Since the storm in 2017, Spurn has now become a tidal island, as the narrowest part of the sandbank connection to the mainland is flooded with each high tide. The spit is made up from sand, shingle and boulder clay eroded from the Holderness coastline that is washed down the coast from Flamborough Head. Material is washed down the coast by long shore drift and accumulates to form the long narrow embankment in the sheltered waters inside the mouth of the estuary.
There are two lighthouses at the end of Spurn Point, the Low Lighthouse (built 1852) and the brick lighthouse in the middle of Spurn Head (built 1895). Only the foundations of the low lighthouse now remain with a large water tank replacing the rest of it. The brick lighthouse is painted black and white and its main light had a range of twenty miles before the light was discontinued in 1985. In 2013 the Yorkshire Wildlife Trust was awarded nearly £500,000 to restore it and once the work was completed it reopened to the public in March 2016.
The landward side mud flats are an important feeding ground for wading birds and the area has a bird observatory for monitoring migrating birds. Their migration is assisted by the east winds in autumn, resulting in drift migration of Scandinavian birds, sometimes leading to a spectacular "fall" of thousands of birds. Many rarer species have been sighted there, including a Cliff Swallow from North America, a Lanceolated Warbler from Siberia and a Black-Browed Albatross from the Southern Ocean.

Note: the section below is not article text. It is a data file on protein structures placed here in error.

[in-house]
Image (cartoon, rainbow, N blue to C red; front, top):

More commonly, birds such as Wheatears, Whinchats, Common Redstarts and Flycatchers stop off at Spurn on their way between breeding and wintering grounds. When the wind is in the right direction migrants are funnelled down Spurn Point and are counted at the Narrows Watchpoint, more than fifteen thousand birds can fly past on a good morning in autumn with three thousand quite normal. In 2018 the Yorkshire Wildlife Trust opened a visitor centre and new car park near the entrance to the reserve.
It had been a very wet week but on Saturday it was a dry but cloudy day when I arrived at Spurn Point. After a quick trip to the YWT visitor centre to check the latest sightings board before I returned to the car and headed up to Kilnsea Wetlands which is around half a mile north. There were large groups of Starlings perched on the telegraph wires as well as a couple of Curlews in the fields. I walked across to the gate at the far end of the car park and followed the path round to the hide and as I reached there was a trio of Skylarks soaring overhead.